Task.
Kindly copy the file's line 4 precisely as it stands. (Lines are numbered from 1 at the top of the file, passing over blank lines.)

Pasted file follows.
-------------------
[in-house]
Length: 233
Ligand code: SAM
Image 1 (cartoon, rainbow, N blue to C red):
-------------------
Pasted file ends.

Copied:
Image 1 (cartoon, rainbow, N blue to C red):